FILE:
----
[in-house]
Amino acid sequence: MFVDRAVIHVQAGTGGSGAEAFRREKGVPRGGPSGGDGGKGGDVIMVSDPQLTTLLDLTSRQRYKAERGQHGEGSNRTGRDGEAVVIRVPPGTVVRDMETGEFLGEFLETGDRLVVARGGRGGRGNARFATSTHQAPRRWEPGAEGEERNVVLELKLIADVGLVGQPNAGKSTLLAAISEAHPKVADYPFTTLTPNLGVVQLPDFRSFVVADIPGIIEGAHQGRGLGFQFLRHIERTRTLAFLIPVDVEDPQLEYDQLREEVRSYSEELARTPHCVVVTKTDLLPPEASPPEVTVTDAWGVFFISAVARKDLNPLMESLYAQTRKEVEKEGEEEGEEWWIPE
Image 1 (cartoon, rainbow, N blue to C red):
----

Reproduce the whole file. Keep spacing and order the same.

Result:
[in-house]
Amino acid sequence: MFVDRAVIHVQAGTGGSGAEAFRREKGVPRGGPSGGDGGKGGDVIMVSDPQLTTLLDLTSRQRYKAERGQHGEGSNRTGRDGEAVVIRVPPGTVVRDMETGEFLGEFLETGDRLVVARGGRGGRGNARFATSTHQAPRRWEPGAEGEERNVVLELKLIADVGLVGQPNAGKSTLLAAISEAHPKVADYPFTTLTPNLGVVQLPDFRSFVVADIPGIIEGAHQGRGLGFQFLRHIERTRTLAFLIPVDVEDPQLEYDQLREEVRSYSEELARTPHCVVVTKTDLLPPEASPPEVTVTDAWGVFFISAVARKDLNPLMESLYAQTRKEVEKEGEEEGEEWWIPE
Image 1 (cartoon, rainbow, N blue to C red):